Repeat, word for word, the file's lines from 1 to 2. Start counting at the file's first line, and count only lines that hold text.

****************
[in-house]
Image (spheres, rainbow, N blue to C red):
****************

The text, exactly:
[in-house]
Image (spheres, rainbow, N blue to C red):